The Sin About Which No One Will Speak
Daniel DarlingDaniel Darling is the Vice President for Communications for the Ethics and Religious Liberty Commission of the Southern Baptist Convention (ERLC). For five years, Dan served as Senior Pastor of Gages Lake Bible Church in the northwest suburbs of Chicago and is the author of several books, including Teen People of the Bible, Crash Course, iFaith, Real, and his latest, Activist Faith. He is a weekly contributor to Out of Ur, the blog of Leadership Journal. His work has been featured in evangelical publications such as Relevant Magazine, Homelife, Focus on the Family, Marriage Partnership, In Touch with Dr. Charles Stanley. He has guest-posted on leading blogs such as Michael Hyatt, The Gospel Coalition, OnFaith (Washington Post), and others. He is a contributing writer for many publications including Stand Firm, Enrichment Journal and others. Dan’s op-eds have appeared in Washington Posts’ On Faith, CNN.com's Belief Blog, and other newspapers and opinion sites. He is a featured blogger for Crosswalk.com, Churchleaders.com and Believe.com, Covenant Eyes, G92, and others. Publisher's Weekly called his writing style "substantive and punchy." Dan is a sought-after speaker and has been interviewed on TV and radio outlets across the country, including CNN, 100 Huntley Street, Moody Broadcasting Network, Harvest Television, The Sandy Rios Show, American Family Radio, the Salem Radio Network, and a host of other local and national Christian media. He holds a bachelor’s degree in pastoral ministry from Dayspring Bible College and is pursuing a Masters of Divinity degree from Trinity Evangelical Divinity School. He and his wife Angela have four children and reside in the Nashville area. Daniel is represented by Tamela Hancock Murray of The Steve Laube Literary Agency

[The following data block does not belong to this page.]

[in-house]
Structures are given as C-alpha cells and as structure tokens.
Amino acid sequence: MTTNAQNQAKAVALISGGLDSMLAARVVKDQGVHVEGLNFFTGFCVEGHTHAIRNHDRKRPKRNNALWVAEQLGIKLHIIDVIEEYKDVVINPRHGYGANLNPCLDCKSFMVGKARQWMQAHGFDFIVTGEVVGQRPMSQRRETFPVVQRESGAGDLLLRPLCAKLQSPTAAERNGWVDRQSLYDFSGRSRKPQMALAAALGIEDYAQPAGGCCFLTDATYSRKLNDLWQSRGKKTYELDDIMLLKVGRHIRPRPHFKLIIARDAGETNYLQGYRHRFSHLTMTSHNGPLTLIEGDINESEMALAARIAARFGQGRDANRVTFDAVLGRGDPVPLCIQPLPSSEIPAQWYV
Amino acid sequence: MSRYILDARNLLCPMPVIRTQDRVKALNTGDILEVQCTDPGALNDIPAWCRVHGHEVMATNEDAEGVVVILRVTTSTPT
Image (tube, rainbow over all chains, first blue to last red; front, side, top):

- 2012 Nov 05
Envy is like a fly that passes all the body's sounder parts, and dwells upon the sores.
There is a sin that nobody in our world really wants to discuss. It's the fashionable sin, that fuels our great social movements and has become an engine of our politics.
It's the sin of envy. We love to talk about greed. I mean if you google the word, "greed" you'll get a thousands sermons, news articles, political speeches, blog posts, etc. We assume that anyone who is wealthy is greedy, simply because we attach greed to success as if the poor can't have bad attitude about money.
Now, to be sure, greed is a horrific problem. And there are some in positions of power and wealth who have money as their god. But greed's cousin, envy, is just as powerful a master, only it is disguised in more noble clothing. Envy masquerades as populism. Just listen to some of the way we talk today. If a certain CEO makes a lot of money, we call it injustice because WE can't have it. If a politician is in a position of power, we hate him because he is where he is and I am where I'm at. If a popular pastor gets more popular, we have to go digging for doctrinal sins so discredit him and thereby bring him to our level. We can't abide someone else having something we don't have.
Envy is an insidious sin. And yet we don't preach about it. We don't warn of it's dangers. Instead, we let it have its reign in our culture, because it drives our economy. Watch the commercials on prime-time TV. What is at the heart of every single one? Is it not envy? Is it not the lie that "You deserve this new thing. You've worked hard. Why shouldn't you have what others have?"
As followers of Jesus, we should rightly eschew greed. And we should promote justice, we should get our hands dirty and serve the poor. We should work hard to alleviate human suffering. But we must make sure envy doesn't fuel our activism. We must ensure that we are not preaching a false gospel to the downtrodden that says: "God has been unfair to you. Others have what you don't have. Jesus will even the score."
The real gospel offers something richer than envy. It offers new and abundant life in Christ. It offers a hope that transcends the cheap, plastic euphoria that earthly possessions promise. It offers God Himself, in the Person of Jesus. It offers an "eternal weight of glory" (2 Corinthians 4:7). When we get to Heaven, no blood-bought, ransomed sinner will every say, "Wasn't it a shame I didn't have as much money as Bill Gates?" No, likely, we'll say, "Can you believe we longed for such fleeting idols?"
Let's not stop preaching against greed. But let's also not forget to preach against envy. Let's be glad for the wealth God has granted to others. Let's be thankful for what we have, whether great or small. Let's welcome the rich into our churches without assuming they are criminals. Let's give our money to the poor without attaching the soul-destroying bacteria of envy. Let's find our pleasure in Jesus only. Let's point people to that pleasure and not temporary pleasures in other's possessions.
Yes, let's ask the Spirit to eradicate this sin, the one about which no one will speak.